Character

My dad always told me a gentleman does whatís right even when nobody else is in the room. If he starts a job, he finishes it. If he tells somebody heís going to do something, he does it.

A gentleman opens a door for a lady and stands when she walks into a room. If heís seated somewhere and there are not enough seats for everyone, he gives up his seat for her. A gentleman doesnít use foul language in front of women or children. To be a man is to treat others how you would like to be treated. It means being honest; not 75% of the time or when itís convenient but 24/7. It means standing up or speaking up for those who canít do so for themselves. Itís fighting for the rights and opinions of others even when they donít agree with yours. Do you think youíre a man? A man with character? Give me an answer to the following scenario. Youíve been to the grocery store, bought $300.00 of groceries and upon arriving home you realize you received $1.50 too much in change, what would you do? Wait! Before you answer Iíll share with you how 90% of the people answered who were asked the same question. They said they would keep it. Itís the lottery, not their mistake. Why should they be inconvenienced to drive all the way back? Seven percent said they would return it on their next visit. Two percent said they would call the manager and tell him or her what happened to make sure some cashier wouldnít get into trouble for a simple mistake. Then ask the manager what they should do. One percent said they would get in their car and return the $1.50.

What would you do? Have you answered in your head? Good. Now, letís raise the stakes; what if it were $10.00, $20.00, a $100.00? Itís funny how the answer changes for most people. One person I asked said at $100.00 “Iíd have to return it because I couldnít live with myself”. Does morality have a price? Should it? This question reminds me of the old joke where a guy asks a girl if she would sleep with him for a million dollars. Her response, “Ah, well, yeah, I guess for a million dollars Iíd have to say yes.” Then he hands her a $10.00 bill. She says, “Whatís this?” He replies, “I already know what kind of person you are, now weíre just negotiating price!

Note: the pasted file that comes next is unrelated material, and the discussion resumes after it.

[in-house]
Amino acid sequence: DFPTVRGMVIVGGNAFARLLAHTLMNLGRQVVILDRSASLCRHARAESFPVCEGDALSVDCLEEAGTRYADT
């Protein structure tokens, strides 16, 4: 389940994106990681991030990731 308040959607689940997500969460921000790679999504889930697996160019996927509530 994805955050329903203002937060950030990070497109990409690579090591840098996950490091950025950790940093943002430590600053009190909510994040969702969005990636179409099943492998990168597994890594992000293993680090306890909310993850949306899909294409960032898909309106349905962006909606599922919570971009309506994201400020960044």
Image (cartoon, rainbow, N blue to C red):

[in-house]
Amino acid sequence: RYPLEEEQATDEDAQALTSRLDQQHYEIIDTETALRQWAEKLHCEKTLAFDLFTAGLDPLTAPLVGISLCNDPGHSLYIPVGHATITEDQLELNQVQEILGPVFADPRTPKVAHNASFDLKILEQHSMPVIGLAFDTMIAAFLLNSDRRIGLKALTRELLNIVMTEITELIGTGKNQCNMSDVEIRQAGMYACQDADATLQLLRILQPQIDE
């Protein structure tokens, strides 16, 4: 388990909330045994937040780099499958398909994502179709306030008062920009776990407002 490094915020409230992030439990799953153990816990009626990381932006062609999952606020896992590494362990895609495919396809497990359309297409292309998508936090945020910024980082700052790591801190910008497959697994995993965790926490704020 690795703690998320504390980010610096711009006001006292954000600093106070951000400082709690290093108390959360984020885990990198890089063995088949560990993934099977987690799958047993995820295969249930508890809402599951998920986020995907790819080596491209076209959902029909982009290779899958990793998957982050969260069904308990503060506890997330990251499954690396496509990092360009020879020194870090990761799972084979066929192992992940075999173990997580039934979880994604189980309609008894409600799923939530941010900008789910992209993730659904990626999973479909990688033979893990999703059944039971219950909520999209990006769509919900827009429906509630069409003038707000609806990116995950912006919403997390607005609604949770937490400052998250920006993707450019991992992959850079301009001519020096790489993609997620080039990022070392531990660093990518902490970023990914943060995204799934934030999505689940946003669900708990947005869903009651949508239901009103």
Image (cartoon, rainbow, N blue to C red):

I guess my real question is does morals have an on/off switch? Turn it on when it suits us and off when it doesnít? How about integrity, justice, fairness, honor? Are we allowed the same on/off switch with them? A lot of people I interviewed doing this article said thereís a difference between a little lie and a big lie. They called the little lies, “white lies”. Like putting a white cowboy hat on some lies makes them more palatable. “Keeping money that doesnít belong to you,” they would say, “isnít stealing until it becomes a significant amount.” Thatís like saying someone is a little pregnant. As men if we are to be taken seriously we need to decide what represents us and take a stand. One man I interviewed told me it didnít matter how much extra change they got. His answer was still the same, lottery, lottery, lottery. Iíll tell you this, I have 1000% more respect for that guy versus the weasels that say taking small amounts of money is okay but not large amounts. A lie is a lie. Stealing is stealing.

One of the last people I interviewed had the most poetic answer to the question, “What is a man with character?” His response, “A man with a conscience, a man with a soul.” A man that is smart enough to realize that what he takes from others he takes from himself and what he returns to others makes him whole.

My final question is to you; what kind of man do you want to be?
The founder and president of Diamond Cutters International, is one of the worldís top diamond experts, as well as a three-time Guinness Book record holder in jewelry design.
Fred The Diamond Guy
Latest posts by Fred The Diamond Guy (see all)

This website uses cookies to improve your experience. We'll assume you're ok with this, but you can opt-out if you wish.

A few steps for you to expect once you submit your form - We will first send you an email confirming that we’ve received your form, so keep an eye out for that.  We will then contact you within 24 hours via your preferred method of contact. We will work with you to setup a complimentary one-on-one consultation with your gemologist.